Viet Nam News
HCM City – HSBC Việt Nam will donate US$700,000 for a two-year community-based fresh-water resources conservation and management project, which will be carried out by the World Wide Fund for Nature (WWF) Việt Nam.
The company will send 350 staff members, who are trained to preserve freshwater resources, to meet with local residents in Tràm Chim in the Mekong Delta province of Đồng Tháp and the Vũ Gia – Thu Bồn rivers basin in the central city of Đà Nẵng with technical support from WWF Việt Nam in order to control and improve quality of water.
“HSBC has co-operated with WWF globally on the HSBC Water Programme with total investment of US$150 million since 2012. The programme has brought fresh water to 2.5 million people around the world,” Phạm Hồng Hải, HSBC Việt Nam general director said at yesterday’s project launching ceremony.
“It will help our staff to increase its awareness about the environment, improve its cohesiveness with company and show corporate social responsibility (CSI),” he added.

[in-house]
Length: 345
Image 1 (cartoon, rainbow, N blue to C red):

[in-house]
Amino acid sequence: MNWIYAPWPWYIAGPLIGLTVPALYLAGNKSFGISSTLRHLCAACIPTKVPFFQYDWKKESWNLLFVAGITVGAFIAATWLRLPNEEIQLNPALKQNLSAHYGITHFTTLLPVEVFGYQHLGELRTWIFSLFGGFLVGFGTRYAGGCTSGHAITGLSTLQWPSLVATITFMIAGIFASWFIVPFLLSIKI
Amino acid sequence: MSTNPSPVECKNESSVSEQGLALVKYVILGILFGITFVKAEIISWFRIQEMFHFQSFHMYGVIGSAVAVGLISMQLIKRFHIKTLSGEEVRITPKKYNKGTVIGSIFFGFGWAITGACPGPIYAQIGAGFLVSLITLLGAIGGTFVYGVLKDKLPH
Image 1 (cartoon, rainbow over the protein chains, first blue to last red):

Trịnh Thị Long, co-ordinator of WWF-Việt Nam’s Water Programme said: “We are very happy to have a partner like HSBC because right now, awareness to preserve nature is very low and we hope in the future more enterprises will donate and participate with us in the struggle to preserve nature.”
Long explained that along with educating and guiding local residents about how to control and protect their water resources and bringing local communities into dialogue with the government, the project will work with high-level leaders to show them how to better manage and improve the quality of water resources.
“We will show local residents how to sustainably maintain their water resources,” she added.
In the Vũ Gia – Thu Bồn river basin, the project will pay attention to the reservoirs in the region, which are believed to have been responsible for recent serious flooding.
In Tràm Chim, the project will implement a deeper study about water remaining for the whole year in order to prevent fires.
Water fresh usage is an essential right for people. However, according to research recently published, by 2100, half of the Mekong Delta would be sunk under sea level and the rest will suffer from salinisation, regular storms and flooding.
Besides climate change and rising sea levels, human activities such as over-exploitation of sand and hydropower dams on major rivers have seriously changed the biological system of the river. -- VNS